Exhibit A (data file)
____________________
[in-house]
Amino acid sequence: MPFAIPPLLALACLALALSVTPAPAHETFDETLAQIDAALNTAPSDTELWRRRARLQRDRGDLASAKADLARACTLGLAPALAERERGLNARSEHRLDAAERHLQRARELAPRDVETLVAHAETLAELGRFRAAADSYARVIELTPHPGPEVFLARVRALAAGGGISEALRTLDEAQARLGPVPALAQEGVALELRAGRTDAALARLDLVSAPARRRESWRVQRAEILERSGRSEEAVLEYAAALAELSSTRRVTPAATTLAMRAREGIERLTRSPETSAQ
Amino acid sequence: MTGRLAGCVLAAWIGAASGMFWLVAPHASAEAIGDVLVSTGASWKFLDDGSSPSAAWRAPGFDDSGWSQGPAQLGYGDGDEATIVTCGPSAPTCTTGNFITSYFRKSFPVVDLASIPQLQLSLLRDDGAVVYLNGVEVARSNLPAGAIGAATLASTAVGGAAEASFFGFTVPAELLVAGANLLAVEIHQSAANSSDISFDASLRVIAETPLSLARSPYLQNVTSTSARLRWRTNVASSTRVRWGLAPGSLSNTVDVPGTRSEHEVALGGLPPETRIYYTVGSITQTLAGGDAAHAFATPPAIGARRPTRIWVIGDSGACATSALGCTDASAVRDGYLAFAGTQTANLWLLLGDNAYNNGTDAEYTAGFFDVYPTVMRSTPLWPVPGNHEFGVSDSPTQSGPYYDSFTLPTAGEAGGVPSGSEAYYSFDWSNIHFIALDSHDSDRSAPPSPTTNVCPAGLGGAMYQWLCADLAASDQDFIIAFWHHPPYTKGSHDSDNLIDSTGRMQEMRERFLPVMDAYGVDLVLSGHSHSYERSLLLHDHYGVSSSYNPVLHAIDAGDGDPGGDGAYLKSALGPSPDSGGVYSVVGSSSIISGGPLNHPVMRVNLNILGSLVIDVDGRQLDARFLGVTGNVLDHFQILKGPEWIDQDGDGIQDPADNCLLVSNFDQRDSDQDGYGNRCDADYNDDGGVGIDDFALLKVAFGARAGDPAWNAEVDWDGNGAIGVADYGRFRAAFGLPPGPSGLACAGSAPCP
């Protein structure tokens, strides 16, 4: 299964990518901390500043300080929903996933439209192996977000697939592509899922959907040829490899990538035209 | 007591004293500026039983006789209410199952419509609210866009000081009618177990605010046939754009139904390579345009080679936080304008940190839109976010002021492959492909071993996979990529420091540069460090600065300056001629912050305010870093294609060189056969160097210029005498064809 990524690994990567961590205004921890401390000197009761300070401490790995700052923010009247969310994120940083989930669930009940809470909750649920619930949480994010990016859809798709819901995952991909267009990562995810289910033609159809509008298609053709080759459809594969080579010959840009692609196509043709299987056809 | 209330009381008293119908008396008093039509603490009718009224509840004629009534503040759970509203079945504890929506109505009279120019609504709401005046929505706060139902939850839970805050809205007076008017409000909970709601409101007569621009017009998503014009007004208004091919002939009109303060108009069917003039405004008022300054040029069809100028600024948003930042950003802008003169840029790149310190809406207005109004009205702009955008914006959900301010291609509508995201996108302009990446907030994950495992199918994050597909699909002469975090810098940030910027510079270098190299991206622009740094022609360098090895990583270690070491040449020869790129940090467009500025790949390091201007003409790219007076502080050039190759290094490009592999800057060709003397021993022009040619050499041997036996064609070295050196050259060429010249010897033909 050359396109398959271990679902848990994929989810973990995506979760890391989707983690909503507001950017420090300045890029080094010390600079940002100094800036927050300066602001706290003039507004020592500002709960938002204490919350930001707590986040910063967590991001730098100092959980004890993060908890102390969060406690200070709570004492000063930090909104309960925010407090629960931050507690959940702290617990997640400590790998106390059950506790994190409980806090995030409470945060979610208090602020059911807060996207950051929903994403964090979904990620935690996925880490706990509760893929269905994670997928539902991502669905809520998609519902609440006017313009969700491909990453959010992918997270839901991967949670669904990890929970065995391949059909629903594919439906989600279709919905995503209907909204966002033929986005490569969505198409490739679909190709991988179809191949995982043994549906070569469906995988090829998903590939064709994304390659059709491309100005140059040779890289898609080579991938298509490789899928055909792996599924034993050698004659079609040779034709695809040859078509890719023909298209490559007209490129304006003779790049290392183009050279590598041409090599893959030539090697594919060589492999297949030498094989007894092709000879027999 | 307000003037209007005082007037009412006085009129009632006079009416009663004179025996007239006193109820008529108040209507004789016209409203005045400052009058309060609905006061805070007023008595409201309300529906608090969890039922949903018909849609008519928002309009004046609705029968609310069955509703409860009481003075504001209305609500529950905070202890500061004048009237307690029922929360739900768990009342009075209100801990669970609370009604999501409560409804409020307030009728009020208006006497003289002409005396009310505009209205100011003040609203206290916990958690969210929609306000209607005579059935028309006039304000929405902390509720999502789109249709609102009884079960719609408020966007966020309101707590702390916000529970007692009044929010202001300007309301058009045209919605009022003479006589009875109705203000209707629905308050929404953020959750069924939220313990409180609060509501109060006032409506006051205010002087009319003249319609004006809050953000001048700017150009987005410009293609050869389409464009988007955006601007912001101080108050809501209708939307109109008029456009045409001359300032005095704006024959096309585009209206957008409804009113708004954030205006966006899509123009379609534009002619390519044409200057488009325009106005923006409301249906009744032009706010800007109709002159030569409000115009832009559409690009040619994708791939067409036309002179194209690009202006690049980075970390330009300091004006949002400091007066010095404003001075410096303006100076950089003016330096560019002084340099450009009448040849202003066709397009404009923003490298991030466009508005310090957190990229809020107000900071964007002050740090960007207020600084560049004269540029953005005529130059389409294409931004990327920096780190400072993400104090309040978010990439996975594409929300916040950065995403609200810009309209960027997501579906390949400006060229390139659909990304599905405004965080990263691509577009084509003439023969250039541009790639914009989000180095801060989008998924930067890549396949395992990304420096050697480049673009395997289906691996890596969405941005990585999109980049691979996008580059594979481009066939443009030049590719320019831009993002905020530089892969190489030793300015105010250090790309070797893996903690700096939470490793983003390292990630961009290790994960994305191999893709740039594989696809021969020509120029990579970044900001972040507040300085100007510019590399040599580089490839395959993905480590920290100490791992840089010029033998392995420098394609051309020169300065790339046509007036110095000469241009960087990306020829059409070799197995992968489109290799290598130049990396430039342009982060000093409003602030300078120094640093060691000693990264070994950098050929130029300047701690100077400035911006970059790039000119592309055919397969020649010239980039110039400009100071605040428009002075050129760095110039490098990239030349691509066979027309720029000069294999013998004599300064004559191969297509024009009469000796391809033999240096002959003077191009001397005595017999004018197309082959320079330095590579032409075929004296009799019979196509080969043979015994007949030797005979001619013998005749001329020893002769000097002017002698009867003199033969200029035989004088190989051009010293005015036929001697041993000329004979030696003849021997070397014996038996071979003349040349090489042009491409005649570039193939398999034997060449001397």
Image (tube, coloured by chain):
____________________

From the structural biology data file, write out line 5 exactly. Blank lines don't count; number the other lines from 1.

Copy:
Image (tube, coloured by chain):